We judge few people as harshly as those who do not want to be vaccinated. When nursing home workers have cold feet, they immediately drop in our esteem from “care hero” to “science denier.” At the same time, a bit of hesitation is understandable at this stage.
The RNA vaccines are based on brand new technology; only tens of thousands of people have been vaccinated so far. Compare that to polio or measles vaccine with which billions were vaccinated (difference of five zeros). Immediate rare side effects are unknown, and nothing is known about their long-term consequences.
In Britain, two vaccines unexpectedly developed a severe allergic reaction, which had not been identified in the studies. The authorities were forced to adjust the advice. With that other new type of vaccine, the adenoviruses, everything turned out not to run smoothly, with the result that some of the test subjects were vaccinated with too low a dose.
It will not be the last vaccination with mishaps and irregularities.
I’ve learned a little bit about vaccination madness over the past year. Not because I have started to look at vaccines differently, but because I find the magnifying glass on the small group of people who have a “wrong idea” regarding the National Immunization Program exaggerated in a country with a measles vaccination rate of 93 percent.
Professor Bernice Hausman calls this “Wrong thinking” in her refreshing yet hermetically academic book Anti / VAX. She shows that with the rise in vaccination coverage in the United States from 1995 onwards, hatred and aggressive language towards refusers and doubters have also increased.
At a time when science is just about the only remaining authority, science denial is a crime. Vaccine refusers are subjected to cognitive and psychological examination to determine which defect is responsible for that irrational behavior.
While the choice to vaccinate is often irrational, a choice that stems from habit, education, good citizenship, trust in the authorities, and in the anonymous mega corporations that deliver the vaccines. Those who do get vaccinated usually have little knowledge about vaccination. Those who hesitate or refuse the shot usually have little experience, but they are accused of rejecting facts and science.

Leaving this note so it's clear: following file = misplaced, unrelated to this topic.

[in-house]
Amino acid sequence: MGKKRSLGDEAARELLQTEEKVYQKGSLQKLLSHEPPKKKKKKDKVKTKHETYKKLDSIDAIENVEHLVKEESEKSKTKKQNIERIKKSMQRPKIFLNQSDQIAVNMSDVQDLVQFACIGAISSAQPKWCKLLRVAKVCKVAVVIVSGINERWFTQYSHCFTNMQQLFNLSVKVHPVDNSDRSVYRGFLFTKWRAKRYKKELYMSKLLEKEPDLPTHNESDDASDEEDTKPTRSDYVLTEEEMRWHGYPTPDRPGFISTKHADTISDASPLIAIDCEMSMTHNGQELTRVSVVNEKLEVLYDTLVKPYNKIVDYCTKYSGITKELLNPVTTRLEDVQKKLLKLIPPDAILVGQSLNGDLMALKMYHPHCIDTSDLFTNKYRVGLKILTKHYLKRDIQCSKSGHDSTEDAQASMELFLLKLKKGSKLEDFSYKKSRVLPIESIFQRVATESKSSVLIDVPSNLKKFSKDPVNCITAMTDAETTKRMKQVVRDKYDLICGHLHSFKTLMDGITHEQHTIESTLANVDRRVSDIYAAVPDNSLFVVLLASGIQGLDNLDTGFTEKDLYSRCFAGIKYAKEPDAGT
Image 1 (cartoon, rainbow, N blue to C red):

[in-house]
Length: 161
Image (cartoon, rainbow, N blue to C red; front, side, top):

It does happen that people have a completely different reality, but it seems rare. Those conspiracy theories, filter bubbles, echo chambers, rabbit holes, and fake news that Silicon Valley algorithms would keep us trapped in do not seem to have much of an impact on vaccination coverage.
Research in England shows that conspiracy theories and fear of vaccinations were not the cause of the decline in measles vaccinations. The doctor’s phone call, the standard way to get a vaccine in England, was just very low on the priority list.
Meanwhile, the “anti-vaxxers” are increasingly portrayed as a great danger. And that while few are engaged in the critical monitoring of vaccine development. Today’s tone is reassuring, soothing, and sometimes downright mocking when legitimate questions are asked about vaccine safety.
Even though I still have those reflexes myself, I have decided not to participate in them anymore. I hope and expect excellent investigative journalism into AstraZeneca’s manufacturing problems and the research and reality differences with the Pfizer vaccine. We deserve that.
One more thing. Vaccination is a choice, but not vaccinating is also a choice — with all the risks that that entails. Sixty people a day are currently dying from Covid-19, and 200 people are admitted with severe breathlessness. More than one in ten Dutch people has been infected with the virus to date.
If you are soon offered one of the rare vaccines, the risk you will be one of them will be minimal in the coming months. The choice is yours.